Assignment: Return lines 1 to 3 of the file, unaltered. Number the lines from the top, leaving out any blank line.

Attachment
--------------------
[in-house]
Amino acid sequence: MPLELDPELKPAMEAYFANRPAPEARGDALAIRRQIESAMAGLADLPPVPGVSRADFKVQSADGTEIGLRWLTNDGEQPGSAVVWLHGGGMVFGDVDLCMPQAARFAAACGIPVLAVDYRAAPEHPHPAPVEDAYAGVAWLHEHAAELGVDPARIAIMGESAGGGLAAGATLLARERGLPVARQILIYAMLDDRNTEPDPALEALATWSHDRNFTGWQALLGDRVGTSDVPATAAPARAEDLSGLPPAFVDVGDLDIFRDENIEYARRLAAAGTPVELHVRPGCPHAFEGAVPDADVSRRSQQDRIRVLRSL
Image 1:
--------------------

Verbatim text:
[in-house]
Amino acid sequence: MPLELDPELKPAMEAYFANRPAPEARGDALAIRRQIESAMAGLADLPPVPGVSRADFKVQSADGTEIGLRWLTNDGEQPGSAVVWLHGGGMVFGDVDLCMPQAARFAAACGIPVLAVDYRAAPEHPHPAPVEDAYAGVAWLHEHAAELGVDPARIAIMGESAGGGLAAGATLLARERGLPVARQILIYAMLDDRNTEPDPALEALATWSHDRNFTGWQALLGDRVGTSDVPATAAPARAEDLSGLPPAFVDVGDLDIFRDENIEYARRLAAAGTPVELHVRPGCPHAFEGAVPDADVSRRSQQDRIRVLRSL
Image 1: